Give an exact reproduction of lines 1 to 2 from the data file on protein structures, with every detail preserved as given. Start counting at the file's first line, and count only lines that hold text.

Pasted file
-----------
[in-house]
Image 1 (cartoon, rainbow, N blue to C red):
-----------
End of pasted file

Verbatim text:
[in-house]
Image 1 (cartoon, rainbow, N blue to C red):